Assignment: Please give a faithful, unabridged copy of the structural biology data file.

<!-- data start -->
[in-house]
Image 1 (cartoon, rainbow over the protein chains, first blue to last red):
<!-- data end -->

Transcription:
[in-house]
Image 1 (cartoon, rainbow over the protein chains, first blue to last red):